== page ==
Updated May 13, 2020 - 10:58 pm
On Tuesday, an unknown number of Rampart Casino employees received a call with a recording from the property’s vice president, telling them they had been permanently laid off.
“We’ve made the very difficult decision to terminate your employment,” said a recording of Michelle Bacigalupi, vice president and general manager of Rampart Casino at the Resort at Summerlin. “We’ve tried to retain our entire team. However, with the continued uncertainties, we are no longer able to do so.”
Layoffs are effective May 15, according to a voicemail recording of the message obtained by the Review-Journal.
One longtime employee, who was granted anonymity in case he is given the opportunity to return to work at Rampart, believes the company should have chosen a different communication method, especially because there is a smaller number of employees at the property compared with other hotel-casinos.
“We don’t have 80,000 employees. … This is a smaller, intimate property,” he said. “(The voicemail) was disappointing but not surprising.”
He said it wasn’t his first recorded message from the company; others were sent when temporary layoffs started and when staff members were required to return uniforms.
Company representatives did not return a request for comment.
According to the voicemail, the decision to permanently lay off employees came after Gov. Steve Sisolak extended the statewide shutdown of casinos, which originally was slated to last 30 days.
It’s still unclear when casinos will be allowed to reopen in the state, but many operators hope to open their doors by the end of the month or June.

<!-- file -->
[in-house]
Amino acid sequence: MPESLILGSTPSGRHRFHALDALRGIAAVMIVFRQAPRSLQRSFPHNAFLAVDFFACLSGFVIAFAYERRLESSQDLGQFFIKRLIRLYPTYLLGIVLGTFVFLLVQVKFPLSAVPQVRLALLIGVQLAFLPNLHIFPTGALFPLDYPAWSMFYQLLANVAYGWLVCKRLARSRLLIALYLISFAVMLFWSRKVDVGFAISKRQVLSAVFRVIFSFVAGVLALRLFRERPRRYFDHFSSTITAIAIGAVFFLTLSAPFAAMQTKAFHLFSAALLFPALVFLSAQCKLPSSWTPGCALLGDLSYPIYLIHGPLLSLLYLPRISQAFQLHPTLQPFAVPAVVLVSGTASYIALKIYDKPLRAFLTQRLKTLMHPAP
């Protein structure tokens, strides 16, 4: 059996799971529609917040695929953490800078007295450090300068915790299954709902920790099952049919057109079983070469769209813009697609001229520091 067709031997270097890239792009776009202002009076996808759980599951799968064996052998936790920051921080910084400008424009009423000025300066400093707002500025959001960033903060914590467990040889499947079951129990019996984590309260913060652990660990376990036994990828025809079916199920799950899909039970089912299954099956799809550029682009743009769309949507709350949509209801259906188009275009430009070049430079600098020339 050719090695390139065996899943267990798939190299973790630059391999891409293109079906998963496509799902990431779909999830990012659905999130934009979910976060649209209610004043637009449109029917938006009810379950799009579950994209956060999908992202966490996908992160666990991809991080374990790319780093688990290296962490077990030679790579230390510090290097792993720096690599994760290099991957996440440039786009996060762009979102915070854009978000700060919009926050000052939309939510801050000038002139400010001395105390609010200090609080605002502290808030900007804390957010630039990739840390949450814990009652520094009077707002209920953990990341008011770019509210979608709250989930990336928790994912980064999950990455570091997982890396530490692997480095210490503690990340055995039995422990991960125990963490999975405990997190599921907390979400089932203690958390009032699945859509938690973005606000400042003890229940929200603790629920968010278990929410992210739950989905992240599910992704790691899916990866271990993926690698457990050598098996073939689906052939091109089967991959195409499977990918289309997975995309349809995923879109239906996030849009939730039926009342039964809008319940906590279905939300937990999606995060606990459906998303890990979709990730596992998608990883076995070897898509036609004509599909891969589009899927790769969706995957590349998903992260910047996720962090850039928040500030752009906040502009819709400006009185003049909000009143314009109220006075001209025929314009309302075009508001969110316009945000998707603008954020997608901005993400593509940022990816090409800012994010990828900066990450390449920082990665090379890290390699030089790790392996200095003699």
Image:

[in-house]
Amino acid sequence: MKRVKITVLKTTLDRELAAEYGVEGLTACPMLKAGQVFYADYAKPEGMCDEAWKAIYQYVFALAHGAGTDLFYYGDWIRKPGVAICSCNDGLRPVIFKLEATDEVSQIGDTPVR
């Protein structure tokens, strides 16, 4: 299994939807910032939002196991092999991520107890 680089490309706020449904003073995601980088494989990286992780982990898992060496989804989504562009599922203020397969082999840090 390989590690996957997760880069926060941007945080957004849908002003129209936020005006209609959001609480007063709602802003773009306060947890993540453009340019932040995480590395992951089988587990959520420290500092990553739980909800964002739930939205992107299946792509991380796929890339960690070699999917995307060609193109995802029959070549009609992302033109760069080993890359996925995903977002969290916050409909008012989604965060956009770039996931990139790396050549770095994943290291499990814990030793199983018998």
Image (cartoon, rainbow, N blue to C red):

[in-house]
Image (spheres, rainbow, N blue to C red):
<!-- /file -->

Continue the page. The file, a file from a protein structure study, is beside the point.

“As we look to the immediate future, and the reopening of the company operations, we expect business demand to be significantly decreased for the foreseeable future,” Bacigalupi said in the recording.
None of the terminated employees will have access to “bumping rights,” or the ability to claim another job at the company, Bacigalupi said. Those with remaining paid-time-off balance should receive a letter with a check in the mail this week.
Employees who paid a premium for health insurance in May will continue to receive coverage through May 31, she said.
Bacigalupi also encouraged former employees to file for unemployment if they hadn’t already done so.
“We would have liked to have given you more notice to this action but were unable to do so because of how quickly and unexpectedly our operations were affected by the COVID-19 pandemic,” Bacigalupi said. “These decisions are never made lightly, and we deeply regret the hardships it places on you and your family.”
She added that the company would be open to rehiring associates “when economic conditions allow.”
Despite frustrations with the company in recent weeks, the Rampart worker said he would like to return if given the chance.
“It was a great company when it was open,” he said. “We should just be upfront about (layoffs).”
A previous version of this story misspelled Michelle Bacigalupi’s name.